The Heritage of Daniel Haston


Legends & Stories of White County, TN
By Coral Williams

            It has been established, in this study, that White County was not formed by act of the Legislature until September 12, 1806.

            It has been shown that eight of the seventeen legends that deal with place-names commemorate some particular person. It cannot be definitely stated, in every case, just what the character thus honored had accomplished to deserve the courtesy thrust upon him. No even tradition explains why White County should have been named in honor of John White, an early pioneer an settler in the county. The Calf Killer River was named in honor of the Indian chief found in the little valley. The remaining seven legends of places dealt with in the chapter are descriptive of the locality. It is recognized that the name of every locality in the county could not be considered in the study of this type, but the names around which tradition yet clings are typical of the names found there. Milk Sick Mountain and Rock House furnish excellent example of the descriptive place-names.

            It has been found that the Indian roved, and even inhabited the section of the territory now known as White County, two nations living side by side in the county with little friction, and that they amalgamated to the extent that even today traces of Cherokee blood may be found in the white inhabitants of the county. The greatest endowment from the Indians to the early settlers was the four main trails which led through the county, also, the four minor trails which led into one of the more important trails within the county boundaries. The whites traveled these trails going farther west. We learn much of the Indians’ customs and manner of life from the many graves and burying grounds discovered by the early settlers. The Indian was always buried with a large number of trinkets, such as beads, pots, or vases.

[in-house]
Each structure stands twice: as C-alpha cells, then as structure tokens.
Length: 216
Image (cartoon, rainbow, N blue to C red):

It has been established that the settlements in White County are among the oldest in the state. Sparta as the county seat became a enter of wisdom and learning. Before 1887, there were thirteen noted schools in the country, besides the small community schools maintained by each locality. The Cumberland Mountain school became popular to the people in the adjoining counties and in other states.

            There were three leading denominations, Presbyterian, Methodist, and Church of Christ, in this county. It has been shown that the Circuit, County, and Supreme Courts were established in 1807, but that Chancery Court was not held I the county until 1842. According to this investigation, nine newspapers have been established and maintained in Sparta. The early papers printed there were among the leading papers in the Cumberland Mountain section. Only two papers are now published there.

            Chapter IV deals with the traditions that have been handed down by about sixteen noted settlers and leaders in White County. It has been shown that many of the leaders of the state were residents of White County and in not a few instances these men entered into the official functions of the state. John Catron was appointed Supreme Court Judge by Andrew Jackson, and he became famous for his wise decisions while there.

            General George G. Dibrell became one of the important cavalry leaders during the war between the states. After the war he, also, displayed remarkable skill as a statesman and citizen. Ferguson and Beatty, two leaders of bushwhackers, turned the eyes of the nation upon their bloody warfare, centered in the county. Both leaders displayed exceptional and extraordinary ingenuity as leaders of men. At the close of the war, Ferguson was arrested and charged with twenty-three murders, but during his long trial his followers stood faithfully by him.

            Of the thirty-eight legends treated in Chapter V, seventeen deal with the raids and murders of these two rival bands of bushwhackers. It is a difficult task to separate the deeds of the bushwhackers from those of the regular army, for the opposite side is invariably spoken of as the bushwhacker gang. Facts presented in this chapter make it evident that White County was the center of the bushwhacking raiding. The legends reveal the bitter hatred that existed between friend and friend. There are fifteen stories that deal with the activities of the regular army. The remaining six found in the chapter treat incidents that relate to individual citizens.

            In a very definite way it has been shown that White County played a very eventful and important part in settlement of the new country and that she has retained the place of honor due her as a result of the work of the early settlers.

Thanks to Dona Terry for her work as the word processor on this project.  (November 2002)